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Stamp out starving writers, buy their books!


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Go Buy a Book

The Reader by Renoir

The Reader by Renoir

Yes, yes, the Pulitzer Prize Board didn’t make an award for fiction this year. According to the Pulitzer website, “If in any year all the competitors in any category shall fall below the standard of excellence fixed by The Pulitzer Prize Board, the amount of such prize or prizes may be withheld.”

But you and I know that the board simply deadlocked and weren’t able to choose a winner from the three nominated books. And maybe that’s best. Maybe the concept that there’s one very best novel is childish. Which is the best novel,   Jane Austen’s Pride and Prejudice or Charles Dickens’ Great Expectations? Dostoyevsky’s The Brother’s Karamazov or Tolstoy’s War and Peace?  Now, here are the three Pulitzer fiction finalists:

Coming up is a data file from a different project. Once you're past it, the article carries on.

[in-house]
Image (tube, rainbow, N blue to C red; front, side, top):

• Train Dreams, by Denis Johnson, a novella about a day laborer in the old American West, bearing witness to terrors and glories with compassionate, heartbreaking calm.
  • Swamplandia! by Karen Russell, an adventure tale about an eccentric family adrift in its failing alligator-wrestling theme park, told by a 13-year-old heroine wise beyond her years.
  • The Pale King, by the late David Foster Wallace, a posthumously completed novel, animated by grand ambition, that explores boredom and bureaucracy in the American workplace.

We suggest you go around to your local book store, check out the three nominated novels (go ahead, pick them up, read the jacket copy, look at the author’s photograph, read a few pages — you can do that in a real book store), then buy one of the books. Or maybe you’ll find something the Pulitzer people didn’t even notice.  You’re the best critic of what you like to read.

More Notes


Plenty of opinions here on Critical Pages, plus a lot of facts, but no alternative facts. Please don't misunderstand, we do like alternative facts -- after all, we're all writers here -- but we prefer the word fiction. It's shorter and everyone understands what we mean when say we're writing fiction.